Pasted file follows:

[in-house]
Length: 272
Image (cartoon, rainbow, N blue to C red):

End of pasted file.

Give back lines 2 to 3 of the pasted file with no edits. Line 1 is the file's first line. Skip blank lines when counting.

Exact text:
Length: 272
Image (cartoon, rainbow, N blue to C red):